And I’m not an orphan.
I knew my parents and grandparents.
I should know who I am, right?
An album of tattered black and white photos records a century’s worth of mixed-bloods of French, Indian and British decent.
I now have the album.
But it wasn’t until recently I was able to connect the dots after talking with relatives in Oklahoma and South Dakota, enriched by a visit to the St. Louis home built in 1848 by Henri Chatillon.
Chatillon was my great-great-great-great grandfather, an American of French heritage whose Oglala wife, Bear Robe, died while Chatillon guided Francis Parkman on the Oregon Trail in 1846.
The trail would become a symbol of settler-Indian relationships, called the Holy Road by local denizens, according to Larry McMurtry.
The military brokered treaties with the Indians to guarantee safe passage on the Holy Road for travelers headed west, most notably, the Fort Laramie Treaty, which was signed a few years after Chatillon’s travels with Parkman.
While the treaty was supposed to end the conflict with the Indians, it served instead as a lynchpin for battles and scourges that followed.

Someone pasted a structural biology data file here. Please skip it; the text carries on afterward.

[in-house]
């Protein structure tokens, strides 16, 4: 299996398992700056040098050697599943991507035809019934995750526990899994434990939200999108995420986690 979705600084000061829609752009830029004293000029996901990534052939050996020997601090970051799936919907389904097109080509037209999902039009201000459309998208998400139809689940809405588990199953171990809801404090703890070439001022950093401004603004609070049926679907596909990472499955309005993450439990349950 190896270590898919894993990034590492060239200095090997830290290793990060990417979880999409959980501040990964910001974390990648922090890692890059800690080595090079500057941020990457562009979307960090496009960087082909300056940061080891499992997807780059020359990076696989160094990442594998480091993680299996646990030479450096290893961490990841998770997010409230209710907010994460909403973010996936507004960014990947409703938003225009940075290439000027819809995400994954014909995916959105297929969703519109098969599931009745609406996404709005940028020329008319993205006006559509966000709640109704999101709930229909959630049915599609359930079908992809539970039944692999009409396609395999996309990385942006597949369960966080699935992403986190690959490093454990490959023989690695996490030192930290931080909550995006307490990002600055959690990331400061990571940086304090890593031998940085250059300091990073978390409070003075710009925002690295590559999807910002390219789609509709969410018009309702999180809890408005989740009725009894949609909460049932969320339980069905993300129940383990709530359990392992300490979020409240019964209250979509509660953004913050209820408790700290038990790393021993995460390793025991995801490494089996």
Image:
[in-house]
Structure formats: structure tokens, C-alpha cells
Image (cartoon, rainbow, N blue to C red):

The 1850s marked a turning point, and soon the United States would build forts offering refuge to settlers and begin construction on a railway to link the Midwest with the West.
In the short span of 25 years, a civil war would rage, George Custer would perish, railways would be built, Crazy Horse would be stabbed, Darwin would publish Origin of the Species, the Homestead Act would be passed, and the daughter of Bear Robe and Henri Chatillon would marry a French-Indian (Wah-Sha-She: Osage) settler named Louis Benjamin Lessert.
Most of the Lessert children would remain in South Dakota with their Sioux kin, but my relatives returned to Oklahoma, settling in with their Osage brethren.
I’m still discovering what it means to be Wah-Sha-She, to be Oglala. To be human.
Painting by Renee Magritte titled, “Not to be reproduced” from http://weandthecolor.com/the-surreal-art-of-rene-magritte/13307